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10:00, 22nd December 2016

Fastflow Group secures £20m deal with UK housing association

Washington-based Fastflow Group is firing up the property maintenance sector after winning a £20m deal with a national housing association.

The firm has sealed a four-year framework agreement to support Genesis, one of the UK’s leading social housing organisations, which serves 100,000 people living in 33,000 homes in London and the east of England.

The £20m contract could increase in value, as it allows other housing providers to procure the same services without the need for further tendering.

The new deal will be carried out out by Fastflow’s property division DW Support Services (DWSS), which the North East group acquired in 2014 to widen its service portfolio.

Operating from Thame in Oxfordshire, DWSS’s deal will significantly boost the group’s turnover, which this year looks set to top £70m.

The contract will see the firm maintain existing plant rooms and heating systems and supply new, combined heat and power gas fired boiler systems, renewable heating and smart metering installations.

It serves the entire Genesis property portfolio across the South East of the UK.

DWSS will be supported by Enerza Solutions, in Luton, a specialist in modern district heating, metering, control and billing systems, securing up to 40 jobs and creating new training and employment opportunities.

DWSS managing director Colin McMahon said: “We are delighted to broaden our range of services with Genesis in line with our strategy to provide integrated support to our customers.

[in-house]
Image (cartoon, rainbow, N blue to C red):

“We look forward to providing high levels of service, the best possible value and impressing those who matter most – residents in the association’s homes.

“Our aim is to improve the efficiency and reliability of the heating systems through the installation of cutting edge, yet tried and tested technology. This in turn should bring long term improvement to our clients’ communities.”

Enerza chief executive officer Shahid Mirza added: “We are delighted to partner with DWSS, combining the expertise of both companies to increase the efficiency of Genesis property assets. We also look forward to utilising a range of technologies to further enhance the Genesis portfolio.”

Fastflow subsidiaries also includes its Pipeline Services Division, also Washington based, which provides water management across networks in the North East and Scotland, supplying almost three million customers.

The Warrington-based Energy Services Division, meanwhile, delivers specialist diversion, repair and maintenance projects on the UK high pressure gas transmission networks.

Read more at Chronicle Live

10:00, 21st December 2016

Two ammonia heat pumps from Star Renewable Energy have been shortlisted for awards

MSPs, MP's from the Scottish Parliament, witness shipment of Star Renewable Energy Neatpump to E.ON’s community energy centre at the company’s manufacturing facilities in Glasgow.

Star Renewable Energy, part of UK-based Star Refrigeration, has been shortlisted to receive two ACR and Heat Pump Awards at a ceremony on 26 January 2017. The shortlisted heat pumps, based on ammonia, are used in district heating.